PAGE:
My brother had NO experience taking care of children. I would have never even trusted him with my Cabbage Patch Doll. They never asked him to clean, and they immediately gave him a raise. I couldn’t believe it. My brother ate their food (I never did). He MADE messes. He never put the kids to sleep on time or paid attention to the usual details of childcare like I did. Yet they gave him a RAISE.

(I think it’s because the mom liked my brother. I only had the drunk dad liking me, and we all know that’s worth a whole lot of nothing.)

I don’t think experiences are for naught, though. Some of the unfair experiences we encounter can become defining moments in our consciousness as females. We have the opportunity to learn from them. I have a few pearls of wisdom that came out of this experience:

1. The gender gap is alive and well. Men still get paid more than women for basically…nothing. Men can cost their employers more money and still get paid more.

2.  Men get away with a lot of crap. Women will be held accountable to strict standards and even unreasonable standards.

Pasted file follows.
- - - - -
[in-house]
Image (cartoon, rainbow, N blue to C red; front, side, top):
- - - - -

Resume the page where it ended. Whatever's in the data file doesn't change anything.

3. People still think housekeeping is a woman’s job.

4. Older men find anything attractive. Some even find awkward 12 year olds with braces alluring. Basically, a man with alcohol in his system would find almost anything attractive. Do not be so easily flattered.

5. Stay away from drunk men.

6. Even your own brother won’t stand up for feminism if his pockets are getting lined.

7. Always take payment up front, especially when dealing with men.

8. It always pays to be on the good side of the woman of the house.

9. Many women are just as likely to throw a fellow female under the bus as their male counterparts.

10. Know when to quit when the bullshit gets to be too much.

When Life Doesn’t Go As Planned


When my first child was born 10.5 weeks early, I was exiled to a hospital room at the end of the hallway, as far away as possible from the other moms and crying newborns. That was where they sent those of us who would not have our own new babies to press against our bosoms.

I couldn’t believe it happened to me. My husband and I planned our baby down to the very day of conception. I avoided all of the well-known pregnancy taboos, including coloring my hair and eating at salad bars. Yet there I was with a preemie, and nobody could tell me why. It was just my cosmic roll of the dice.